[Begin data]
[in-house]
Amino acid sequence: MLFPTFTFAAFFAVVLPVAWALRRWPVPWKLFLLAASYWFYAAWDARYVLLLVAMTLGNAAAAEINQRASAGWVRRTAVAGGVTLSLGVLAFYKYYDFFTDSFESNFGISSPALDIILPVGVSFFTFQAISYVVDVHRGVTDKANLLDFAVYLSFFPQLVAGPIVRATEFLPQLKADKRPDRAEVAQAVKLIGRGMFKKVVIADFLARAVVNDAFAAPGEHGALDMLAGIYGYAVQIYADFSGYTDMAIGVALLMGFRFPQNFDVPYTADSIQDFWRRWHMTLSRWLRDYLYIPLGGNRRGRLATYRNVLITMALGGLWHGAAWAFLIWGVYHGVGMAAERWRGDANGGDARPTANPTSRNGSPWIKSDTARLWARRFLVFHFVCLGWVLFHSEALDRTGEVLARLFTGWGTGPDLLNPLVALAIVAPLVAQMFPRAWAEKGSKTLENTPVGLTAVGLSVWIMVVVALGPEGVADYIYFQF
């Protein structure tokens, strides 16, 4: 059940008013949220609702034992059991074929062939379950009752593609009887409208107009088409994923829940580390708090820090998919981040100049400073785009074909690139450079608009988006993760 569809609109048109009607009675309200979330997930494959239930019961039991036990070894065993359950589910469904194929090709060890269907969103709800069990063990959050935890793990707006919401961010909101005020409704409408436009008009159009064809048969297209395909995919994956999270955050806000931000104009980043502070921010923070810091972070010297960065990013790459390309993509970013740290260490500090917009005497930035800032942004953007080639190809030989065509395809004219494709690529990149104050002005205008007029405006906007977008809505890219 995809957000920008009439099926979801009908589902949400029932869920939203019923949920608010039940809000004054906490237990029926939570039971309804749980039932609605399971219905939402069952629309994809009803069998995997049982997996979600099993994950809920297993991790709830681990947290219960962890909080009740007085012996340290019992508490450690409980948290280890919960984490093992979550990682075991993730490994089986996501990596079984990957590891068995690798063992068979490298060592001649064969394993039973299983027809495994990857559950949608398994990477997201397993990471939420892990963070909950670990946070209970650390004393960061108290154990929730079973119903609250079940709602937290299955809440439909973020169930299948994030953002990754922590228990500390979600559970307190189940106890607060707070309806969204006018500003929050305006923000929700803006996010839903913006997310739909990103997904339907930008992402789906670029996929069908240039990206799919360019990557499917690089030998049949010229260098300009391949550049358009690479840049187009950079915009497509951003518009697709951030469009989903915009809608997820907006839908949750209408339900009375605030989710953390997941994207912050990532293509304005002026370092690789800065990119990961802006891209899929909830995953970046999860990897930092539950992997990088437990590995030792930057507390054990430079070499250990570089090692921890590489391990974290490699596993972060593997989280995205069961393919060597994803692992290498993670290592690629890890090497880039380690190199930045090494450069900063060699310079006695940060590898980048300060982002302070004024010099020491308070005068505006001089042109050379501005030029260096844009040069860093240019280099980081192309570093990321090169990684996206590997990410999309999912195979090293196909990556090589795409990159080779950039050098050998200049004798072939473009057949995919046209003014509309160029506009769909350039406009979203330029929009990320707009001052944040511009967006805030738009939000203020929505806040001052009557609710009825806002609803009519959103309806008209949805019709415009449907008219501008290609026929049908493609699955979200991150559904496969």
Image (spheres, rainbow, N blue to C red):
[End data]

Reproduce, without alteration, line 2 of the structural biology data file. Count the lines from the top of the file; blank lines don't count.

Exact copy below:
Amino acid sequence: MLFPTFTFAAFFAVVLPVAWALRRWPVPWKLFLLAASYWFYAAWDARYVLLLVAMTLGNAAAAEINQRASAGWVRRTAVAGGVTLSLGVLAFYKYYDFFTDSFESNFGISSPALDIILPVGVSFFTFQAISYVVDVHRGVTDKANLLDFAVYLSFFPQLVAGPIVRATEFLPQLKADKRPDRAEVAQAVKLIGRGMFKKVVIADFLARAVVNDAFAAPGEHGALDMLAGIYGYAVQIYADFSGYTDMAIGVALLMGFRFPQNFDVPYTADSIQDFWRRWHMTLSRWLRDYLYIPLGGNRRGRLATYRNVLITMALGGLWHGAAWAFLIWGVYHGVGMAAERWRGDANGGDARPTANPTSRNGSPWIKSDTARLWARRFLVFHFVCLGWVLFHSEALDRTGEVLARLFTGWGTGPDLLNPLVALAIVAPLVAQMFPRAWAEKGSKTLENTPVGLTAVGLSVWIMVVVALGPEGVADYIYFQF